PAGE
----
Schools and American Society: Covid-19 Edition


I asked some educators who are my real estate clients what I should be sharing with other real estate clients about planning for schools reopening–at least partially –this September. I got some good advice on tough issues facing parents in September.

My clients are, almost by definition, privileged, because Eastern Massachusetts is the third most expensive place to live in America. My clients who can buy a house or condo — even if they struggle to do so — are in a better position economically than most people in this country.

Not surprisingly, but gratifyingly, one of my client-informants brought me to a discussion of school reopening and the risk of deepening inequality. These discussions are happening online (she pointed me to one on Facebook), other social media groups, and interpersonal groups and families.

Below is an outline of what to consider, and what you can do, to help hold the line on American education during Covid-19.

Sam Musher works at Rindge Avenue Upper School as a Library Technology Specialist. Over the years, she has been a source for me for excellent book recommendations, and deep knowledge about sustainable living. When I asked her about planning for September, her answer included an angle I want to amplify:

How do I use my privilege to advocate for a better situation for everyone in my town/state/country?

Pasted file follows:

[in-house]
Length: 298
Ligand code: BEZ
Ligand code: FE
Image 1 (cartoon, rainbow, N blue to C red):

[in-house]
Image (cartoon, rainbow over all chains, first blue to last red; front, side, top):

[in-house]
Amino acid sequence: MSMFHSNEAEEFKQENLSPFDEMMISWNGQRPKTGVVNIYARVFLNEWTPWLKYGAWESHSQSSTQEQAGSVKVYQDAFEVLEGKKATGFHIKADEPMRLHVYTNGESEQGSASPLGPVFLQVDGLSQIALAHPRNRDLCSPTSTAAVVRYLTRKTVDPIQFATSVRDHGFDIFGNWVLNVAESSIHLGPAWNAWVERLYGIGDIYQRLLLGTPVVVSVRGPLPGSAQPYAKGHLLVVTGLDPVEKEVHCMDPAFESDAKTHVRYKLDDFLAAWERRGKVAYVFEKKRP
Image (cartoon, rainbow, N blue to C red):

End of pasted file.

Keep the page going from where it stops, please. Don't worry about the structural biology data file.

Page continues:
Asking questions:

Is your district considering…?”

  • …full-time in person for the youngest grades, ELL (English Language Learners), and highest-need special education?
  • …some in-person classes outdoors?
  • …a delayed start to the school year while the unbelievably complex logistics are figured out more thoroughly.
  • …any sort of regular COVID testing?
  • …using community spaces other than schools, like churches or YMCAs?
  • …assuming there will at least be a remote option for families who choose not to send their kid to school, what might that look like?

Getting answers:

  • Attend School Committee meetings or get on a list where someone summarizes.
  • Find the local parent Facebook group or other social media or community group. This is the major topic of conversation everywhere parents and teachers are.

There are no good answers. Not only are there no good answers, but the information you need to make decisions changes, day to day. Sam continues:

But honestly, I’m pretty sure most families know way too many questions to ask; the problem is that there aren’t any answers! Most of it, I think, boils down to:

  1. Accept that this will suck, and there is no Right Answer. Your child will almost certainly have a worse year than they would if there weren’t a (badly mismanaged) pandemic. Neither you nor the district nor the school nor the teacher can magic that away — there is no perfect choice (and therefore no choice that makes you a bad parent).

  2. The most important lessons your child will learn this year will be about resilience, not about academics. That’s hard in some ways and inexpressibly valuable in others.

  3. Teachers and families all want the same thing: for kids and the adults in their lives to be safe and stable and happy and learning. Direct your anger at the federal government that refused to handle this pandemic and now is refusing to pay for schools to reopen safely.